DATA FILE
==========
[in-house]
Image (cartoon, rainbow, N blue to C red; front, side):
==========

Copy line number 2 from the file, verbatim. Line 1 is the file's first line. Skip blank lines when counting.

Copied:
Image (cartoon, rainbow, N blue to C red; front, side):